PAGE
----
Puts the “ack” in “snack”

So apparently this is what we get for complaining about Cool Ranch Doritos:

Lay's Hot Chili Squid Chips from Thailand

The keepers of the late, lamented Munchies Blog tried a bag and lived to tell:

We at Munchies Blog have tried many strange chips here, but none had us as scared as Lay’s Hot Chili Squid. As Roy opened up the bag he simply exclaimed “Oh my god” and smelled the bag, “it’s like rotten fish.” I went to the bag and took a whiff and it was all true, it smelled like the bottom of the sea, but would it taste like it?

And actually, it wasn’t quite as repulsive as it sounds:

[T]he taste itself wasn’t particularly fishy or squidlike, but rather a mild fishlike taste and a semi-spicy kick at the very end. As you take the bite the hardest part is actually overcoming the smell of the chip and allowing yourself to eat them. Once that first bite is down, however, they aren’t so bad.

And I suppose that there are worse flavors out there.

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A bug in one’s word salad

Received in the comment-spam trap:

The umpire called after him, “Hey son, you have another strike left. It can be a bit tricky to apply, but once on there will offer superb protection as well as taking nothing away from the phone’s looks. You’ll have to go with your gut feeling on this one. We have polyester petticoats to support the various dress styles; including hoop petticoats. It is important to know what the evening may entail when determining how to dress. Get that coveted Cinderella princess costume along with the princess costumes adult. This article and photos are not available to repost on websites, blogs, Facebook, or elsewhere.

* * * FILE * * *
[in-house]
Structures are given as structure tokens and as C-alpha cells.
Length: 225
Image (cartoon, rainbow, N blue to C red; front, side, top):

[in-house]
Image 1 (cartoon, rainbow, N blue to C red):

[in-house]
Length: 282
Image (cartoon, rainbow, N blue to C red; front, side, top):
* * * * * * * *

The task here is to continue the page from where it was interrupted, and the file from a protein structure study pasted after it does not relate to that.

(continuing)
Well, thank heaven for that. I was worried about having to read this paragraph over again.

Oh, they did send a link, which promptly 404ed.


Strange search-engine queries (495)

Yes, folks, it’s time once again for us to shake out the logs and hope something funny, or at least inexplicably stupid, falls out. Fortunately, something usually does.

viascum scam:  Or is that “viascam scum”?

when you barely stick the tip in:  You get her just as pregnant, with none of the attendant pleasures.

just gopher it:  I can’t gopher that. (No can do.)

superior potassium:  Sort of like Special K, then?

bobby goldsboro ethnicity:  He Japanese boy, he love you.

nothing ruins hump day like:  Not humping.

bra “uncomfortable”:  Well, Chuckie, you probably shouldn’t have been rummaging through your sister’s underwear drawer.

men pee pants:  Well, Chuckie, you probably shouldn’t have been rummaging through your father’s liquor cabinet.

men pout:  Especially, I surmise, after they’ve just peed their pants.

spoiler on the back of a car:  Because putting it on the front would look stupid.

seven students — four girls and three boys — have volunteered to direct the class play. mrs. barry decides the only fair way to pick a director is to put all of their names in a hat and draw a name. what is the theoretical probability that a boy’s name will be chosen?  Zero. If they don’t pick a girl, they’ll be facing a Title IX hearing.

gruesome car accident photos with the dead bodies:  You know, Chuckie, I think you were better off wearing your sister’s underwear.


The new Shell game

I am a consistent user of Shell V-Power gasoline, partly because this town is awash in Shell stations, but mostly because Gwendolyn seems to like it, whether or not it’s cut with a few percentage points of ethanol.

Of late, Shell is claiming a new formulation which they have dubbed “V-Power NiTRO+,” a name it’s probably too late to change. I have just enough background in chemistry to wonder just what the hell difference a shot of nitrogen is going to make to the inside of a combustion chamber. I admit, I have my tires pumped up with nitrogen, mostly because it doesn’t leak quite as quickly as ordinary four-fifths-nitrogen air, but this wouldn’t seem to be an issue with engine internals, though Shell assures me that it contains “seven times the cleaning agents required to meet federal standards [and] removes an average of 60% of harmful intake valve deposits left behind by lower quality premium gasoline.”